5 Things to Consider Before Getting an ESA for Mental Health

Written By Alla Levin
October 21, 2021
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5 things to consider before getting an ESA for mental health

Whenever you feel down, overwhelmed, or anxious, there’s this little voice in your head telling you that everything is ok. It means you take deep breaths and relax. You might even feel like the voice is coming from outside of yourself.

This voice is called an “inner critic.” Your inner critic can be a helpful tool for life if it doesn’t overwhelm your thoughts with negativity all the time, but sometimes things can get so bad that they need to be tamed before they become too much. If this sounds like you, maybe it’s time to consider getting an emotional support animal (ESA). But first, let’s talk about some things to think about before getting one!

What is an ESA, and what does it do?

An emotional support animal is essentially an animal that provides some therapeutic benefit to its owner just by being around it. But, of course, different animals have different benefits, and there are many kinds of ESAs, including cats, dogs, birds, reptiles, etc. You can check out a more in-depth article on the subject here.

What are the requirements for getting an ESA?

To get an ESA, you have to have a mental disability that is recognized by law. Your doctor has to provide you with a letter or certificate describing your mental condition and that this animal will help ease it. This letter has to indicate precisely how the animal provides benefit to its owner through companionship and affection. The document has to be renewed every year.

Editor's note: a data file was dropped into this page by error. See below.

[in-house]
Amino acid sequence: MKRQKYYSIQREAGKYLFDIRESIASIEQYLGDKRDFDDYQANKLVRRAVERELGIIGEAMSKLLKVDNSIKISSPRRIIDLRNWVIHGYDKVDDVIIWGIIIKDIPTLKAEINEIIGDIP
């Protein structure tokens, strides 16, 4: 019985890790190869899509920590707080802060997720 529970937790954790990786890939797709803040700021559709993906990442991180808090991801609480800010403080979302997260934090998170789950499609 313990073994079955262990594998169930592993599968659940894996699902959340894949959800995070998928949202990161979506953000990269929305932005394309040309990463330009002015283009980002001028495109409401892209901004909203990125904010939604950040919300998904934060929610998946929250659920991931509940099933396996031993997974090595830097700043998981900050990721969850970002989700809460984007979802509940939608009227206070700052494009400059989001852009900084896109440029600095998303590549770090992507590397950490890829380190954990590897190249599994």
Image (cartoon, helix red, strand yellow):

1. Although you don’t have to have a prescription from your doctor, you must consult with one first so that they can assess whether or not this animal would be beneficial for you and what kind of animal would best suit your needs. It has to be done first because some animals will require special care and medications, and others can cause allergic reactions to their owners.
  2. The ESA has to be prescribed by a medical doctor to benefit the owner’s condition. For example, if your doctor thinks it would help you control your panic attacks and anxiety, you could get an emotional support dog. If they say that having an emotional support animal would allow you to cope with depression, then an emotional support cat might be better suited for you.

Is an ESA right for me?ESA for mental health

Before you consider getting an emotional support animal, it’s essential to ask yourself why you want one in the first place! Is there a reason that a pet, in general, will not suffice? If the answer is no, then maybe an ESA isn’t necessary.

What can I expect?

When you get an ESA, you are entitled to some special rights under the law. But some places may have additional rules that they have to follow to accommodate your emotional support animal’s needs. Check with your landlord or apartment complex before getting one so that you know what to expect.

What kinds of animals can be ESAs?